Jeff mentioned this browser yesterday, and I had no idea what they were doing! I think this is definitely an improvement over the ad business status quo.
This article cites many of the same problems that Readup is addressing. But then the solution is really different. When Readup talks about "valuing attention", Readup talks about enabling deep, concentrated reading. When Brave talks about "valuing attention", Brave talks about you transparently selling your attention.
For me, earning 5$/month for ~5 random system notification ads per hour (source) doesn't seem like a good deal though. I value my attention higher! In some way, attention, like time, is invaluable too. A life where all your attention is sold to other parties does not sound fulfilling.
This reminds me of something I've read from Jaron Lanier years ago, where he suggested a user-controllable scale to decide to which degree one sells their data (& attention) to advertisers, but then for actual money rather than for "free" access to an online resource.
While donating BAT to creators is encouraged in Brave, there still seems to be a way to fully opt-out of ads using Brave. This effectively enables free-riding. But, how would an online world look where each creator automatically requires a certain BAT payment per consumed resource? Whether that's gained by watching ads or by paying hard cash? I think Lanier mentioned some implications on the rich/poor division. Gotta read that article again.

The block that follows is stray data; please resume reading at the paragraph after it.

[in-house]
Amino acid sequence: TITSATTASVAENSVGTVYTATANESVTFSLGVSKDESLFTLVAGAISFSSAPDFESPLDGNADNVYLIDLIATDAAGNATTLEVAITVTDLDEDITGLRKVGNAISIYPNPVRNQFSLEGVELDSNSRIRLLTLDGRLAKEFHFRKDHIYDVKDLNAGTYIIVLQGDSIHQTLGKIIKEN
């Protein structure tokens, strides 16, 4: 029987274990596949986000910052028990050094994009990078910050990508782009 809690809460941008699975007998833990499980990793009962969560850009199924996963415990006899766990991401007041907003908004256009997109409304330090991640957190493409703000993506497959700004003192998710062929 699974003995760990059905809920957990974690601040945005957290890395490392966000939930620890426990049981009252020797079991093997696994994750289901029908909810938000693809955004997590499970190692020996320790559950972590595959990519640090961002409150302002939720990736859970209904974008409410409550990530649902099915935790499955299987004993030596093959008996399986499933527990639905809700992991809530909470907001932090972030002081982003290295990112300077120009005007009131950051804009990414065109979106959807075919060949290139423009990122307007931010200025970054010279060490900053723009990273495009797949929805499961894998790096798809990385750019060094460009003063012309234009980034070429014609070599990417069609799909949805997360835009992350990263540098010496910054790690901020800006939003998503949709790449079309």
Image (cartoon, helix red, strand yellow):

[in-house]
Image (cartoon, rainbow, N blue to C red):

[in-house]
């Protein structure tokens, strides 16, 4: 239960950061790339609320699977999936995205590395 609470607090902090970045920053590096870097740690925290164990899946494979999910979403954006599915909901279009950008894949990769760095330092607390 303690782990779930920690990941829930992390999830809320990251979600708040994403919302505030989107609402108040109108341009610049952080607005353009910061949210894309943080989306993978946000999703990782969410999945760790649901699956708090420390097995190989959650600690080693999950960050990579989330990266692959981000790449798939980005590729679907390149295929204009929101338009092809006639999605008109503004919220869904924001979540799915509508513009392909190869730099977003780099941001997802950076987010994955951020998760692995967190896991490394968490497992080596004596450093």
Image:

I have an above average interest in both web browsers and cryptocurrency, so I've been following Brave since its inception. It's a fascinating project, but I've never really used it, except for when I tried an early version of their Android browser for a few days. (I quickly got frustrated with it because it opened all new tabs in annoying floating bubbles along the edge of the screen. Not sure if it still does that.)
Like you, I don't find $5 a month worth constant annoyance. (Plus I'm very happy with Firefox, and I have ideological reasons to keep using it.) Also, I loathe ads, so I rather install an ad-block extension in Firefox than a browser which replaces ads with other (less annoying) ads. I do want to contribute to content creators and websites I visit though, so I have the Flattr extension installed as well.
Honestly I think Brave should have chosen a model where none of the ad money goes to the user, and most of it instead to the content creators and publishers. $5 a month isn't a meaningful amount of money for most people, and a larger share to publishers and content creators would have earned the company more goodwill. Plus, paying users to use your product is definitely an effective way to gain market share, but in my opinion it attracts the wrong crowd. I also think using a cryptocurrency for all transactions needlessly complicates matters. Good old fiat money would have made things easier for everyone involved.